Our democracy is currently being turned into a laughing stock
Published 04/04/2016 | 02:30
Your editorial comparing the shenanigans between Enda and Martin to a scene from Laurel and Hardy was well drawn. We can have endless fun with their recent bizarre exchanges.
Abbott and Costello may not have been as enduring as Laurel and Hardy, but they provide a nice tag-line.
In one of their exchanges, one says to the other: "Who's on first?" This goes on and on, with repetitive exchanges of: "I'm on first - you're on second."
The whole thing centres on an allusion to baseball, but if you forget that and think in terms of a phone call, the leaders of our two parties burst (rather than spring) to mind.
Better still, when Handel was in London at the Court of St James, he had a rival, Giovanni Bononcini, for the king's favour as Master of Music.
King George, being an indecisive type, would appoint one and then the other.
Not unlike the actors in our present political soup, those within the court at the time were intensely passionate about the matter.
The people of London were, on the other hand, so bored by the whole thing that a ditty was composed with the concluding lines: "Strange, all this difference should be, 'twixt Tweedle-dum and Tweedle-dee." Quite.
But there is a serious side to this. The efforts to form a government so far have been pathetic. People are becoming indifferent.
That's just a short step away from apathy towards political affairs - and that can become dangerous.
John F Jordan
Glenageary, Co Dublin
War after 1918 wasn't inevitable
Ms Geraldine Groarke writes (Irish Independent, Letters, March 21) that the Redmondites (the Irish Parliamentary Party) "were defeated by the republican revolutionaries in the 1918 general election".
If, in this context, revolution means the overthrow by violence of the existing order, then it is not true that revolutionaries won that election.
In the recast Sinn Féin, the ex-insurgents from 1916 were a small minority, outnumbered by Mac Neill Volunteers, Griffith Sinn Féiners and ex-IPP activists (like Ginnell).
Consequently, the party's manifesto was distinctly peace-orientated: it proposed further and faster progress along the parliamentary route than the IPP had achieved by setting up a constituent assembly in Dublin, an appeal to the Peace Conference for recognition and, meanwhile, obstruction of British rule, not by violence, but by civil disobedience.
Though the non-release of elected members was a bad sign, there was a reasonable possibility that the British government would not try to suppress the Dáil (it hesitated until September 1919) but would recognise its mandate and negotiate a settlement with it.
Hotheads on the Irish side (like Dan Breen and company) and obduracy on the British accelerated the drift to war.
Beware the example of Rome
Billy Ryle (Irish Independent, Letters, March 29) may be correct in hoping for a government of unity to form in Ireland. However, the dream he had of Gerry, Enda and Micheál following the example of Caesar, Crassus and Pompey in the first Roman Triumvirate is one dream that we should hope does not come true.
On examination, the first Roman Triumvirate as an example to follow is certainly not for the fainthearted.
While he is correct in stating that the First Triumvirate did last for six years, unfortunately its end marked the beginning of a period of great conflict.
Crassus died in a war against the Parthians, the Romans later had a civil war between Caesar and Pompey, with Caesar's crossing of the Rubicon. This war resulted in Pompey's death at the hands of Caesar's allies and Caesar becoming dictator.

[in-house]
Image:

Caesar's own death in 44 BC, at a Senate meeting, would come at the hands of those who said they were protecting the Republic.
These events in turn led to a second civil war and eventually the rise of Octavian as Roman Emperor and the end of the Roman Republic.
History has many warnings in it, including that some people's political dreams can often turn to nightmares in reality.
Regardless of what government is formed, let us hope we can avoid the outcomes of the First Roman Triumvirate.
Lispole, Co Kerry
Faith of the 1916 Volunteers
What was not highlighted in all the recent coverage of the story of 1916 was the strong, vibrant faith of the Irish Volunteers. The Rosary was recited by all in the GPO and other rebel locations. Confessions were heard every day. The spiritual needs of the leaders were well cared for before execution by the Capuchin priests.
There is a great similarity between Ireland and Poland in the fusion of faith and nationalism in the psyche of their respective peoples, which is strongly evident in the course of the history of both countries.
Ireland and its predominantly Catholic population endured cruel oppression for centuries.
Catholic Poland, in more recent years, suffered appallingly brutal oppression from both Nazism and communism.
There is relevance in the stories of Fr Murphy of Boolavogue and St Maximilian Kolbe, the Polish priest in Auschwitz.
A future Archbishop of Dublin, Daniel Murray, as a young priest in Arklow in 1798, had to flee for his life when his parish priest was murdered by the Yeomen.
It is not 'politically correct' in 2016 to mention faith and nationalism combined as a vibrant part of the DNA of Irish people.
We must not forget our forefathers' motto: "Do chum glóire Dé agus onóir na hÉireann - For the glory of God and honour of Ireland."
Fr Con McGillicuddy
Sacred Heart Residence, Raheny, Dublin 5
Equality is a goal for all parties
David Quinn complained in his column (Irish Independent, April 1) that President Higgins "invited his audience and us to reclaim the joy of making equality the central theme of our Republic".
This is partisan, David Quinn alleges. Surely this is an aspiration across all our parties and Independent politicians?